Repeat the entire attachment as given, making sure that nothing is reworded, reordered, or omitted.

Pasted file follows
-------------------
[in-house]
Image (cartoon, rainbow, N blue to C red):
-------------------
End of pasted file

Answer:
[in-house]
Image (cartoon, rainbow, N blue to C red):